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      • You could be right, but then again, maybe not; what I have in the bible cannot tell me which it is, and for me, that is a huge problem. If you are right, then the bible cannot stand by itself in giving me understanding. I have to sift through all the varying opinions, books, blogs, etc. and then try to make a decision on what this means. And it is not just this passage, there are many of them and many that have to do with important issues. I could spend hours just trying to decide if you are right on this, that John is writing to two different audiences in this “letter,” which you are saying is actually two letters. This is NOT clear from just reading the bible, which is all many people have had for thousands of years to go on. A friend of mine, in discussing this problem, says that what we need is the “working man’s bible” that explains all this in one book for those of us who struggle just to have time to read the bible, much less compare the views of various theologians and historians, etc.

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      • I hear you Andy. I was a Christian for 17 years before I had the revelation that I was righteous ‘by faith’ as a ‘gift’ and that nothing I could do could change that. This is the first verse God had to work on me with to really grasp why grace was so amazing. Sometimes God wants us to dig deeper into the texts. There are other good articles on this. I will post them for you.

        Be patient. Pray about it. And let God reveal the truth to you in good time. I believe God reveals things to us as we need. AND… if God has chosen to reveal this to you… maybe it’s important for you to grasp this. Maybe God wants you to really grasp the wonder of the gospel.

        Many know that they have been saved by Jesus, but are not aware that they are righteous and holy as a gift, that Christ achieved it for us, and it is nothing to do with what we do or don’t do. It was, as Hebrews says, a ‘once for all’ sacrifice.

        We have been made holy by the sacrifice of Jesus Christ once for all.

        – Hebrews 10:10.

        Peace, brother.

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  2. For instance, here is someone who disagrees with you on this.
    http://treeoflifeblog.com/2014/03/19/difficult-verses-4-1-john-1-9/
    So, I am left trying to figure out which of you is right. Some may enjoy this; I do not. I just want to know what God is saying. Maybe what I really need to figure out is what God was saying when he had John write “But the anointing that you received from him abides in you, and you have no need that anyone should teach you. But as his anointing teaches you about everything, and is true, and is no lie—just as it has taught you, abide in him.” (1 John 2:27 ESV) 🙂

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  3. I have read some of the article you posted. From his words I would say the writer doesn’t yet grasp the finished work of Christ. How can we be ‘trapped in sin’ if we died to sin when Christ was crucified? (Romans 6). If we are in Christ we are free from sin (even if we break the moral code) the blood of Jesus cleanses us immediately. Sin cannot stain the blood of Christ.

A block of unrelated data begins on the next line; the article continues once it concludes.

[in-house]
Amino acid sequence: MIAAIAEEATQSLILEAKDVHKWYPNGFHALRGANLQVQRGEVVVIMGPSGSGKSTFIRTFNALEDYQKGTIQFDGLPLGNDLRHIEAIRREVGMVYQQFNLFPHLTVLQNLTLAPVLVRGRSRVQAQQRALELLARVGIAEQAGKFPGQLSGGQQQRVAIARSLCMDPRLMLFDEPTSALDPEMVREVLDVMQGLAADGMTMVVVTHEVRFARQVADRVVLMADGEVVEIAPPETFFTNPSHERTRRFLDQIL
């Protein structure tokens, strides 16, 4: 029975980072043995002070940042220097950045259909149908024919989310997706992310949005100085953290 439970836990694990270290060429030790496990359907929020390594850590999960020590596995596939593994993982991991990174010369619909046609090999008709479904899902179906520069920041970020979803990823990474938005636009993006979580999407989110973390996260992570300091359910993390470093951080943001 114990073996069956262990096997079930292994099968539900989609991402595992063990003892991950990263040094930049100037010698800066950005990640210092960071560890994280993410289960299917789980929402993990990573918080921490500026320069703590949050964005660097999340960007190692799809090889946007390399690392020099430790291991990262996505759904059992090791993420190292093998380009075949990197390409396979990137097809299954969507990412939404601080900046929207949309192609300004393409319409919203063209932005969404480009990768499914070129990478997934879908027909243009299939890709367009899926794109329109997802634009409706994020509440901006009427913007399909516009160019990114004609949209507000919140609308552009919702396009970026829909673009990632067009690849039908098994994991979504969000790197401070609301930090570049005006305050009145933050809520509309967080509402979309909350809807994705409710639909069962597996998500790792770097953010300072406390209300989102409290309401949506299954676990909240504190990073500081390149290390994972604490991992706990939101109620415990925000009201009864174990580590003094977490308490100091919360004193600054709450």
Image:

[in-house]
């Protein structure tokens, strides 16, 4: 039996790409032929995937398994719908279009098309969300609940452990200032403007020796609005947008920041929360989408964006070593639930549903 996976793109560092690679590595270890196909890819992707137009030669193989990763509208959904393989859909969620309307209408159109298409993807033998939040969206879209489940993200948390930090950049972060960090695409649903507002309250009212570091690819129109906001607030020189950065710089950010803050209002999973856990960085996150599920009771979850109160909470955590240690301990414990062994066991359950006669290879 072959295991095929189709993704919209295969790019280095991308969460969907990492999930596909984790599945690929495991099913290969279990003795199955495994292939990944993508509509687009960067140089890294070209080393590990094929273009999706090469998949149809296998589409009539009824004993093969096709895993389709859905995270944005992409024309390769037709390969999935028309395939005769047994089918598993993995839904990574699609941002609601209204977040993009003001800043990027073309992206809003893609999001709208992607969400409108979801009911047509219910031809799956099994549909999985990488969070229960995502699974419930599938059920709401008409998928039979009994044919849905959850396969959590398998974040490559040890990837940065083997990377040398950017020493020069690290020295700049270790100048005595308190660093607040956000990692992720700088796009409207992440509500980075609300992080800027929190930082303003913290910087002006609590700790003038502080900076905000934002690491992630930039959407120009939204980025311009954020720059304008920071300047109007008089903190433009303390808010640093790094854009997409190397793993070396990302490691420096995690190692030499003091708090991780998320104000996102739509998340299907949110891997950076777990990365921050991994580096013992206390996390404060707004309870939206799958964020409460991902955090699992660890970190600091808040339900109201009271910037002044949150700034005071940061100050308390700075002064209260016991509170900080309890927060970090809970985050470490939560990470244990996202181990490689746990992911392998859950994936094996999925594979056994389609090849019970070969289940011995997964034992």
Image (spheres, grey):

I think it’s really important to know that Christ never leaves us. He is our righteousness. He has made us holy. Our actions cannot reverse that. If it were up to us to ‘stay righteous’ by our actions, we all be doomed to hell. Christ is our righteousness.

    Thank God!

    Amen!

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    • Sure. However, nothing we do makes us holy. That’s why Christ had to die. If we could be holy by our actions, Christ would not have had to die and God would not have had to have made us holy by the sacrifice of His son:

      For we have been made holy by the sacrifice of the body of Jesus Christ, once for all.
      (Hebrews 10:10).

      Remember, even our righteous acts are as filthy rags compared to God’s righteousness. He has imputed us with His righteousness. What we do or don’t do has no bearing on our righteousness or holiness. God did it all for us.

      Of course, we should not now ‘live as the pagans do’ and ‘use our freedom to indulge the sinful nature’ as Paul says. However, we are free. Yes, we should long and desire to live up to our holiness and righteousness, as Paul says:

      I want to know Christ and the power of His resurrection, and to share with Him in the fellowship of His suffering, becoming like Him in His death, and so, somehow, to attain to the resurrection of the dead.

      (Philippians 3:10-11)

      Paul wanted to ‘somehow attain to what Christ had done for him.’ He wanted to live up to the righteousness he had already received. But there’s the rub. He knew he had already received the righteousness of God. As he says:

      Let us live up to what we have already attained.

      (Philippians 3:16).

      Like